Irene Virag's Garden Party
I'm Irene Virag -- a writer, a gardener, a cancer survivor. I think ideas are like plants. They need nurturing to grow. And gardeners share both. So welcome to my blog. It’s all about what’s happening in my garden and beyond.
Wednesday, December 24, 2008
I'm sorry to tell you this but you won't see my column in Newsday after Dec. 28. I want you to know it's not my decision -- Newsday is cancelling my contract. There's a possibility I might return in the spring. I hope so. But that will be somebody else's decision not mine.
But as far as you and I are concerned, this doesn't have to mean goodbye. I'll be revamping my blog and revving up my online presence. Click here to visit my website and get on my mailing list for updates about Web-special columns, calendars and much more.
Tuesday, December 23, 2008
And the Winners Are . . .
I absolutely loved all the photos submitted in my "Unplug Christmas" contest. It wasn't easy picking a winner. So I picked two -- Celeste Saladino for her five-foot-tall paean to pine cones and Barbara Isralewitz for her grapevine menorah.
Sunday, December 21, 2008
I'd like to thank all of you who sent in photos of the natural decorations you're decking the halls with. Your pictures and notes in response to my column about unplugging Christmas gave me hope for a greener holiday. And I must say, I lit up when I realized my column appeared in the paper's annual celebration of holiday lights. I'll announce my winner on Tuesday. In the meantime, I thought I'd share a few of my favorites.
Mother Nature Does It Best
Pege Chellis sent this in with a note saying she hoped I like it. I do.
A Natural Chanukah
Barbara Isralewitz made a menorah out of a grape vine, pear tree twig, poppy seed cases, pachysandra, Echinacea seed pods, dusty miller and rose of Sharon seed pods.
A Bird in the Wreath
Sandy Spitz's homegrown wreath welcomes visitors.
Here's part of Sandy's note to me: "These projects constitute my holiday decorations...most home grown...all flowers dried by me and painted pinecones, reeds and hydrangeas done by my husband. These decorations go from fall into winter...Although we do not celebrate Christmas, we do celebrate the beauty of nature in all seasons!"
Below are a few more examples of Sandy's handiwork:
Top: Her Thanksgiving arrangement of hydrangeas, strawflowers and pine cones now sits on a rocker on the front porch next to pots of metallic pine cones, staghorn sumac and rosehips with bittersweet.
Middle: A simple spray of greens and berries
Bottom: A pine cone wreath
Who Needs Poinsettias?
Not John Kirincic, whose Christmas cacti are in resplendent bloom just in time for the holidays.
Shape Up for the Holidays
Al Gallo wanted me to know that he transforms cuttings from his garden into grave blankets and uses greens to fill empty summer pots. He spruces up his artificial wreath with holly and hemlock and tucks in pine cones that he gathers when he goes on walks. He also wanted me to know this: "I love to garden and enjoy your column."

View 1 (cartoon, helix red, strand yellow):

Paean to Pine Cones
Celeste Saladino's tree stands just under five feet tall is made mostly of pine cones -- dried artichokes, statice and red velvet bows provide finishing touches. Her wreaths and candle holder below feature walnut shells, acorns and more pine cones. And the table tree is fashioned from sweet gum balls and artifical fruit.
Mr. Bear at Christmas
Wendy Fisher got this carved bear from her son in Vermont several years ago. He stands on her front stoop and Wendy dresses him up in seasonal finery. "All the children who come to the door just love Mr. Bear!" she writes.
Wednesday, December 10, 2008
Ken Druse Does It Again
I know what book I'm giving to all my friends for Christmas and Chanukah this year.
"Planthropology" by Ken Druse.
And not just my gardener friends. You don't have to love getting your hands dirty to learn something from this book. There's something fascinating on virtually every page. I spoke to Ken recently for my column and I was struck by how after 17 books, he's still learning and still nurturing his passion for writing about and photographing plants.
And lucky for us, he's still sharing what he sees with gardeners who get it. So here are two tidbits I learned from "Planthropology," along with Ken's lovely photos, used here with the permission of his publisher, Clarkson Potter. His pictures truly are worth a thousand words -- each.
The seed heads of a sunflower aren't just a candy store for birds and a visual treat for gardeners. They're a lesson in the mathematical wonder known as the Fabonacci numbers: the amount of seeds in the two opposing arches may be 55 and 89 or 89 and 144 -- but the ratio always works out to 1 to 1.618.
Calling All sieboldii
Magnolia sieboldii Colossus is one the plants named for Phillipp Franz Balthasar von Siebold, a 19th century plant explorer who found true love and hundreds of new botanical species in Japan. You can read all about him in "Planthropology."
There's Hosta sieboldii and Clematis sieboldii. And who knows how many others. It would be fun to make a list. Any sieboldii you grow or know about counts. So let's do it.